Photography is Not a Crime

Obviously I’m not in the same league as Thomas Hawk, but still I consider myself an amateur photographer who gets the occasional good shot.

Last night I attended the Festival of Friends which is held at Gage Park which is owned by the City of Hamilton. While waiting for Steve Earl to take the stage I decided to take some pictures of the surrounding area and take in some of the atmosphere that makes up this public event. Having trained my lens on a particular food stall I noticed that one of the employees was waving their hands wildly in my direction. Lowering the camera I can see him mouthing the words “no pictures!”

I shrugged and moved on without taking the shot and now I’m feeling like I somehow did the wrong thing. This event is on publically owned land and it was an event open to the public and he was in full view from where I was standing so I don’t believe I was on any shaky legal ground.  This wasn’t going to be a pulitzer winning photo but all the same I wonder if I did the right thing.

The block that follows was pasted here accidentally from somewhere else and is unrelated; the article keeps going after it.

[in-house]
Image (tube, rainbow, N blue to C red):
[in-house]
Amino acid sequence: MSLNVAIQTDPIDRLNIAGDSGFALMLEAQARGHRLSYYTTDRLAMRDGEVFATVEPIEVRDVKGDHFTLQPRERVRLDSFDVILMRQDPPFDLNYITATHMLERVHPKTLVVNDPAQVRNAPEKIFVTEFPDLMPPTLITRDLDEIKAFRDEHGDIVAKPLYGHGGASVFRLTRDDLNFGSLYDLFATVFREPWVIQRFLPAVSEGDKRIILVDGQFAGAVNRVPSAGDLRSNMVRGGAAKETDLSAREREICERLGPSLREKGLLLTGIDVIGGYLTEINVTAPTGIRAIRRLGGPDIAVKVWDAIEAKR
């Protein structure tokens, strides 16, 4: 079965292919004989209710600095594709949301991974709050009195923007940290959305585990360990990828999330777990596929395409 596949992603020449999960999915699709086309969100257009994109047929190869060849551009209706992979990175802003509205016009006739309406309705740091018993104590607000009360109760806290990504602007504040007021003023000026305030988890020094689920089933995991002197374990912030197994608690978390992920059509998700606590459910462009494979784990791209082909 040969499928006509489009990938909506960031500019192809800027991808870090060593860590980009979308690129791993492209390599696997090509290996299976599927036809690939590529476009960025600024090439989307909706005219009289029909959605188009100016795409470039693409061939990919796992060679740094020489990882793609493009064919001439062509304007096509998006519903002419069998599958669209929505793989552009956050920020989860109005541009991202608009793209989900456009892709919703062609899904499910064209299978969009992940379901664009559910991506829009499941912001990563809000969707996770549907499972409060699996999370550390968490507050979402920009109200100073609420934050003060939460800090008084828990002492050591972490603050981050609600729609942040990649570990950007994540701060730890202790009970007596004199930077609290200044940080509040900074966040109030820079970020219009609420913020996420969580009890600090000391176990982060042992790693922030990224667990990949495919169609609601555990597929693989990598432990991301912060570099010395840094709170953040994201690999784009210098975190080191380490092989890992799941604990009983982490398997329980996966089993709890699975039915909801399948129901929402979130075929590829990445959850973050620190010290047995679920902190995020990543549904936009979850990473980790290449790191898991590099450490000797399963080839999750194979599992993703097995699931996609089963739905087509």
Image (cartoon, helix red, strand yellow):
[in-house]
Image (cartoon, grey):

The reason I bring this up is because of Thomas Hawk’s post about getting kicked out of a museum for taking pictures in a place where patrons are specifically allowed to do so.

This is where I ask, “What would you do in my, or Thomas’ situation?”


2 responses to “Photography is Not a Crime

  1. I probably would still have taken the picture but it would have been annoying if everyone in the picture was waving their hands.

  2. You can get a copy of the photographer’s rights online. Print it and carry it with you.

    You may want to add pictures, for those who can’t read. 😉

Leave a Reply

Fill in your details below or click an icon to log in: Logo

You are commenting using your account. Log Out /  Change )

Google+ photo

You are commenting using your Google+ account. Log Out /  Change )

Twitter picture

You are commenting using your Twitter account. Log Out /  Change )

Facebook photo

You are commenting using your Facebook account. Log Out /  Change )


Connecting to %s